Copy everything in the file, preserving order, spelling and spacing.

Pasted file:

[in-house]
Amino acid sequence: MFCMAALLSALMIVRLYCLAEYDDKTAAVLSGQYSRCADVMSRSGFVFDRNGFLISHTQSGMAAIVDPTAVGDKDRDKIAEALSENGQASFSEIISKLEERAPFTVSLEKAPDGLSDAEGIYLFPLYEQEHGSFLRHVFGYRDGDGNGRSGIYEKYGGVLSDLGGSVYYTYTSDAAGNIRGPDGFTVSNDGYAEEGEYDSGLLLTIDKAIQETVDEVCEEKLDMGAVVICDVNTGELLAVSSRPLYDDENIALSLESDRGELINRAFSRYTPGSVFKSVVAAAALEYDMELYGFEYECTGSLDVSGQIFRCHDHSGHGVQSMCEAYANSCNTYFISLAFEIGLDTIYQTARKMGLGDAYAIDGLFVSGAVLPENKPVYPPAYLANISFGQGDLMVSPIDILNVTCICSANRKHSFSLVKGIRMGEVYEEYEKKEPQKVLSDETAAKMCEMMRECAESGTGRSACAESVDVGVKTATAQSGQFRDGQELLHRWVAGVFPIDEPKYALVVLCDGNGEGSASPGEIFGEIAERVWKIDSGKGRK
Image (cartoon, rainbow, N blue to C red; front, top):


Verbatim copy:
[in-house]
Amino acid sequence: MFCMAALLSALMIVRLYCLAEYDDKTAAVLSGQYSRCADVMSRSGFVFDRNGFLISHTQSGMAAIVDPTAVGDKDRDKIAEALSENGQASFSEIISKLEERAPFTVSLEKAPDGLSDAEGIYLFPLYEQEHGSFLRHVFGYRDGDGNGRSGIYEKYGGVLSDLGGSVYYTYTSDAAGNIRGPDGFTVSNDGYAEEGEYDSGLLLTIDKAIQETVDEVCEEKLDMGAVVICDVNTGELLAVSSRPLYDDENIALSLESDRGELINRAFSRYTPGSVFKSVVAAAALEYDMELYGFEYECTGSLDVSGQIFRCHDHSGHGVQSMCEAYANSCNTYFISLAFEIGLDTIYQTARKMGLGDAYAIDGLFVSGAVLPENKPVYPPAYLANISFGQGDLMVSPIDILNVTCICSANRKHSFSLVKGIRMGEVYEEYEKKEPQKVLSDETAAKMCEMMRECAESGTGRSACAESVDVGVKTATAQSGQFRDGQELLHRWVAGVFPIDEPKYALVVLCDGNGEGSASPGEIFGEIAERVWKIDSGKGRK
Image (cartoon, rainbow, N blue to C red; front, top):